The Ginkgo Studios

Mark P. Mooney Biosketch

Kathleen and Mark

Mark P. Mooney and his wife Kathleen M. Allen, a potter, are co-founders of Ginkgo Studios, LLC. Mark is a full time academic at the University of Pittsburgh and a part-time woodworker and stained glass craftsman. He is guided and inspired in his woodworking by the philosophy and beauty of the Arts and Crafts Movement of the last century. Honest craftsmanship, good design, and the use of organic materials are the cornerstones of his work.

His woodworking skills have been honed over the last decade and he has studied with Seattle-based artist and craftsman Thomas Stangeland on Greene and Greene style furniture making at the Marc Adams School of Woodworking; Ben Littl e and Tom Harris, two Roycroft Master Artisans, on Craftsman style furniture making at their studio in East Aurora, NY; and Master Craftsman Jeffery Lohr on Mission Style furniture design at his studio in Pottstown PA. He has also taken a number of basic and advanced woodworking classes from two local artisans and master craftsmen, Max Peterson and Dante DiIanni. He also teaches arts and crafts furniture and frame making classes at DiLegno Woodshop Supply in McKees Rocks, PA.

Mark is a member of the Pittsburgh Craftsman's Guild, Touchstone Center for Crafts, and he serves on the Board of Directors of the Western Pennsylvania Woodworkers.

Mark's work involves creating unique pieces based on designs by Gustav, Leopold, and John G. Stickley, Harvey Ellis, Elbert Hubbard and the Roycrofters, Frank Lloyd Wright, Charles and Henry Greene, and Peter and John Hall. These artists represent Craftsman, Arts and Crafts, Mission, Prairie, and Greene and Greene styles. Mark works mainly with traditional Arts and Crafts style woods like quartersawn white oak, African mahogany, and African ebony. While he appreciates the traditional use of hand tools, Mark uses both machine and hand tools to produce his pieces. He also tries to emulate the traditional wood stains of the period such as the fumed appearance of the white oak in the Stickley and Arts and Crafts pieces and the reddish orange hues derived from potassium dichromate as seen in the African mahogany in the Greene and Greene style pieces. Mark is also well trained in the Tiffany-style (copper foil) method of stained glass construction and creates lamps in the Greene and Greene and Arts and Crafts traditions.

While Mark makes multiple copies of his work, subtle variations in wood, stains, waxes, and his changing skill level and mind set all guarantee that each piece will be a unique creation.

"Art and honest labor: The essence of the Arts and Crafts movement". (Darrell Peart, Greene and Greene: Design Elements for the Workshop, 2005).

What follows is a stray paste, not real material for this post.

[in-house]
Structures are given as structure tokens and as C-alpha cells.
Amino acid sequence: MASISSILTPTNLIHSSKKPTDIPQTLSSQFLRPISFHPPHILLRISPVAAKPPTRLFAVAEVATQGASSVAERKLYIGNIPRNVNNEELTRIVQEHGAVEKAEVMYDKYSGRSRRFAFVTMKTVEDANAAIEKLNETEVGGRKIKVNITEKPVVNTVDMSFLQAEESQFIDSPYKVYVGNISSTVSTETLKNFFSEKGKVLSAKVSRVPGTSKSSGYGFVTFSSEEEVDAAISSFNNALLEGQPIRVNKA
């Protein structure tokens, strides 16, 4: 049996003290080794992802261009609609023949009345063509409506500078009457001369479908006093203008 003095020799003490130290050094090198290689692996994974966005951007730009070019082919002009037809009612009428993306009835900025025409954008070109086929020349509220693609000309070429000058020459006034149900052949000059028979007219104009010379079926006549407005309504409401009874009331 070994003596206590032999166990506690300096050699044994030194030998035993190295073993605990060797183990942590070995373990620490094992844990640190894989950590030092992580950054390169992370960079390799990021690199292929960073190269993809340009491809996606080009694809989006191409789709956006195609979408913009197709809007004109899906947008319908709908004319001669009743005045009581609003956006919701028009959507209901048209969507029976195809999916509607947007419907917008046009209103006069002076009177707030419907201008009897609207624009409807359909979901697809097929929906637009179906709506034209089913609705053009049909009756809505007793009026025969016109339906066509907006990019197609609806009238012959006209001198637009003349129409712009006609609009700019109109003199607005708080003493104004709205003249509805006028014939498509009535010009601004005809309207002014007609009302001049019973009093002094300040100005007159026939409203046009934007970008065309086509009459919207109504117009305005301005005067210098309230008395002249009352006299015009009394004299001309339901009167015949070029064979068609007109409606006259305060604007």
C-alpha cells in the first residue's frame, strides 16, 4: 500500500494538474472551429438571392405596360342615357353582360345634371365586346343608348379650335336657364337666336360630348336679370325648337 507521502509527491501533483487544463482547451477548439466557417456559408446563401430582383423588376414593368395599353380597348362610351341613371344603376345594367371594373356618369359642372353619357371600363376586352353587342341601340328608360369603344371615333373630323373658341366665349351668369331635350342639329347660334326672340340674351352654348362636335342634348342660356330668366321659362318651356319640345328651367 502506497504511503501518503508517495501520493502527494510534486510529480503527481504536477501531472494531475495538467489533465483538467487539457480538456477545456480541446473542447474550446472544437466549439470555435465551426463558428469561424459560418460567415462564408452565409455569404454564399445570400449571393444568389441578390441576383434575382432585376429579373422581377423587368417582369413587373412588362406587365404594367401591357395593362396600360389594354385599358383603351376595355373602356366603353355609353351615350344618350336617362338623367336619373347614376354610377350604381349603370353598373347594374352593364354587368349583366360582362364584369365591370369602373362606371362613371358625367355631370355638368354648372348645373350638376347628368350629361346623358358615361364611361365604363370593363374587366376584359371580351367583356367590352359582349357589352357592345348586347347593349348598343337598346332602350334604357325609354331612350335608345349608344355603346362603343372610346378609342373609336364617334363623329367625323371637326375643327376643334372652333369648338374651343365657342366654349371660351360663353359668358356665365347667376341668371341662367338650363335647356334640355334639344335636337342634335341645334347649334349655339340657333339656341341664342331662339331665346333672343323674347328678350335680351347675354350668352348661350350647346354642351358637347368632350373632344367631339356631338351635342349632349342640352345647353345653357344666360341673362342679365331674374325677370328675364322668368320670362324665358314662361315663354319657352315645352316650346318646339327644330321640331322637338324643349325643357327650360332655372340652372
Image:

Kathleen M. Allen Biosketch

Kathleen is an archaeologist and potter who has studied archaeological pottery made by Native Americans and other tribal people. Through this work, she has come to appreciate the knowledge and skill involved in the production and transformation of earth and minerals into well-made pottery suited to its purpose. Kathleen has been making pottery for the last fifteen years and use traditional hand-building techniques for forming pottery such as pinching, coiling, and slab work. Her pottery often echoes traditional forms and styles and she incorporates surface textures and carving that maintains a close connection between nature and the finished piece.

Kathleen's key sources of inspiration come from ancient potters as well as the arts and crafts movement of the early 1900s. The focus on simplicity, nature, and purpose, evident in these works is a touchstone for her efforts. Her skills have been developed through self-study and workshops that have focused on hand-building, replicating traditional pottery in the northeast and southwest of North America, and on alternative firing practices.

Kathleen uses interior glazes for my vessel forms hoping they might be used for functional purposes by those who own them. She prefers to leave large portions of the vessel exteriors unglazed but with surface alterations in the form of textures or carvings, along with the application of oxide washes or the natural surface of the clay exposed to the effect of the flames in the woodfire. Some of these exterior surfaces take on the organic character of natural landscapes and the built environment exemplified by adobe architecture. Her ceramic tiles continue these themes through images of the natural world and Native American motifs. Her color palette lies primarily in earth tones and those of the natural world. Kathleen feels a connection to the past through the act of making pottery - performing the same actions that have been done for thousands of years. Making pottery transformed the material world and is transformative of the individual today through this connection to the past.